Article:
Levi Thatcher VP, Data Science

What models has Health Catalyst created with healthcare.ai?

Share this content:

After reading a few articles on healthcare.ai, some of you may be saying, well, that’s great–but what has Health Catalyst actually used it for? Since Health Catalyst has been open with sharing the tool set, it only makes sense that they’d also be willing to share details of its use. As the Director of Data Science at Health Catalyst and founder of healthcare.ai, I oversee all client predictive engagements, and will make a point of frequently updating the community on our work. If you have questions, comments, or criticism, please reach out.

The goal of healthcare.ai was to provide a simple, flexible tool to streamline healthcare machine learning. This means that it works across financial, operational, and clinical realms. If a health system has a business question that they want predictions for, we will make healthcare.ai flexible enough to cover that use case. Today we’ll briefly cover three recent predictive project, and detail more for a future post.

Let’s start with finance. Uncompensated care is a growing problem at most health systems. To help a counter this trend, we’ve started creating propensity-to-pay models. Recall that each health system interested in using machine learning is provided a custom model, tailored to their data. In this propensity-to-pay project, for each person with an open account with the health system, each month the probability of payment is calculated. This personal probability can be used to determine 1) who may need reminders, 2) who may need financial assistance, and 3) how the likelihood of payment changes over time and after particular life events. A few features that were important to this model turned were things like whether the person paid last month (surprise!), account balance, a person’s age, the month of the year, etc. These may vary for your health system (as your demographics are likely a bit different), but healthcare.ai makes it easy to customize the model to your payment data.

Those who have ever worked in a clinical setting know how hard it is to maintain schedules that keep both clinicians and patients happy. Slots are often over or under-booked because someone showed up late, didn’t show up, or showed up without warning. Health Catalyst taken a first pass at this problem via a no-show predictive model. In this engagement, we gathered all past data on the characteristics of people that had showed or hadn’t showed for their appointments, and created an accurate predictive model to assess, with each scheduled appointment, the risk of a no-show. If the clinic feels that they can reduce their no-show rate by extra phone calls (or other measures), this predictive guidnaces assures that the resources used are efficiently allocated. If, on the other hand, the clinic has found that it’s quite hard to reduce the no-show rate (even with this guidance), they can use the probability scores to over-book particular slots, such that clinical scheduling is optimized using past data. Features that were particularly helpful in this prediction were prior number of cancellations, appointment type, and week of the year.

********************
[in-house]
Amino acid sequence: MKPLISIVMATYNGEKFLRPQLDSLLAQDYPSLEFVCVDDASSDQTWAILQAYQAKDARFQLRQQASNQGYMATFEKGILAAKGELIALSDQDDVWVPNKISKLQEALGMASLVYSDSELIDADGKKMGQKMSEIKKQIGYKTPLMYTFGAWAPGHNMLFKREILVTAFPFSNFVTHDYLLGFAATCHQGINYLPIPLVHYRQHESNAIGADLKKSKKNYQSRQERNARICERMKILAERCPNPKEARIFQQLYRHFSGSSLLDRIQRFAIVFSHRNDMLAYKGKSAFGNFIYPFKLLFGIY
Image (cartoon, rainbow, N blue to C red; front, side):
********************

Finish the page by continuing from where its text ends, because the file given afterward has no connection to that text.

Finally, we’ll touch on a clinical case. Many health systems are penalized if their 30-day readmissions rate is too high. While general readmissions models are possible via healthcare.ai, we’ve found that focusing on particular disease cohorts (such as for heart failure, sepsis, or COPD) allows us to create a much more accurate model. We’ve had multiple engagements recently related to 30 and 90-day COPD readmissions. How it works is that the relevant data on past patients (and whether they had a readmission or not) is collected into a subject area mart, and a couple of different algorithms are used to create models. Once we find the column set and algorithm that together produce the most accurate model, we save the model and integrate it into our nightly ETL. This way, clinicians receive daily guidance as to which of their patients is most likely to be readmitted. Among others, features like prior readmissions, pre-existing conditions, and specific facility were particularly helpful to this model.

Considering the resource constraints present in many hospital units, this type of machine learning guidance can be crucial to efficiently deploying resources toward achieving business goals (i.e., reducing readmissions, reducing 1-yr mortality, preventing HAIs, etc). As time goes on, we’ll detail more of these predictive projects, and explain how they might be useful to your health system.

Thanks, and please reach out with any questions!